Apparently, today is the 50th anniversary of Star Trek. I knew it was this year, given that I was on the 50 Years of Star Trek panel at WorldCon, but this was the day the first episode aired. I wasn't around for that, but according to my mother, I was at least exposed to some episodes of what was probably the last season during its original run, since she said she watched it while she fed me when I was a newborn. So I guess I was a geek from birth.
I have vague memories of seeing occasional episodes of both the original and the animated series when I was a child. When the movies came out, my dad took me to the first two, and I went with my high school friends to the third. That outing was a pretty big deal for me, since it was one of the first times when I really felt like a "teenager." My best friends were older, and when one of them got a car and a license, it meant we could do stuff on our own, without relying on parents. We lived in a small town -- actually, all of us lived in the country outside that small town -- so seeing a movie meant going to the nearby city. When Star Trek III came out, we went out for pizza and then to the movie, and I felt very grown-up and independent.
But I really became a big Trek fan in my senior year of high school. We got a new TV station in our local area, and they started showing Star Trek reruns at 4 p.m. on weekdays. Both of my parents worked at the school, so that meant all of us were home from school to watch in the afternoons. It became a family bonding thing, our way of unwinding after school/work, and we got a lot of family inside jokes out of it. This was when I really got a sense for who those characters I'd seen in the movies were, and I started reading the novels, as well.
Star Trek was a big factor in developing my college social life. Early in my freshman year, I'd made some close friends I hung out with a lot, but I barely knew the rest of the people on my floor in the dorm. On the Friday afternoon before Halloween, I was supposed to go shopping with my friends to get Halloween costumes and party supplies, but then I discovered that my purse had been stolen from my dorm room. It turned out that the same thief had hit a lot of rooms (and was caught later that day), so the police were already set up in the lobby, taking reports. I was there, talking tearfully to the police, when my friends went by on their way to go shopping. I was stunned when their reaction was along the lines of "oh, that's why you didn't meet up with us, well, bye," so it was a case of adding insult to injury that they'd just abandoned me without showing any concern. On my way back to my room, one of the guys on the floor passed me in the hall (co-ed dorm) and noticed that I looked really down. He said the gang was about to watch Star Trek in his room and invited me to join them. It turned out that one of the local stations did that same 4 p.m. run my local station had done, and the whole gang from the floor gathered in the room of the guy with a TV to watch every afternoon. After Star Trek, they all trooped down to the cafeteria together for dinner. That got me involved with a whole new set of friends, some of whom I'm still in touch with.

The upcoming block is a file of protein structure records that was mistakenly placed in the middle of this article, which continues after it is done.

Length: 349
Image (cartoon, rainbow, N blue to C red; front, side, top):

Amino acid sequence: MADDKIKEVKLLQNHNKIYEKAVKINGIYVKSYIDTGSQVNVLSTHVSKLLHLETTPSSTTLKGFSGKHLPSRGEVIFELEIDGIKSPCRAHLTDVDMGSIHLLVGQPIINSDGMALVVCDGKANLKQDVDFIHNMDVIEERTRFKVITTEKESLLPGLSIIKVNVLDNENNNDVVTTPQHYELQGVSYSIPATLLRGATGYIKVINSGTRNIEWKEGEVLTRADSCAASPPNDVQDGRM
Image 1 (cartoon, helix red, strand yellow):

Star Trek: The Next Generation premiered during my sophomore year, and I think we got 32 people crammed into a Jester Center dorm room (If you went to the University of Texas, you'll know what an achievement that was) to watch the premiere. We had to leave the door open and set up a fan in the hallway. The regular time slot for that series was 6 p.m. on Saturdays, so we added to our Trek viewing ritual. We'd go to dinner at 5 on Saturdays, then troop back upstairs to watch ST:TNG, and then we'd usually end up watching movies. I can honestly say that my college experience would have been radically different if it hadn't been for Star Trek and the way it helped form bonds with people who had common interests.
The other series came during my adulthood. I loved Deep Space Nine, and it was by far my favorite series of the bunch. I liked the more serialized storytelling and how "real" and three-dimensional the characters were. They were allowed to have flaws and conflict, something that hadn't been allowed as much in TNG. I was less enthralled with Voyager and bailed midway through the run, though I came back for the finale. I just lost interest in Enterprise somewhere along the way.
The movies have been a mixed bag. I loved First Contact, but most of the rest of the Next Generation movies were pretty weak. The last one of those, I didn't even see at the theater, and when I finally saw it on TV, I was glad I hadn't spent the money. I have very mixed feelings about the reboot movies. I kind of enjoy them while I'm watching them, though there was a great deal of in-theater snark about Into Darkness. The latest was the first of that bunch that really felt like Trek.
At any rate, it may just have been a TV show, but I think my life would have been different without it. Because of that show, I've met people and had experiences. I've been inspired. And, of course, I've been entertained. Not bad for a three-season show that began before I was born.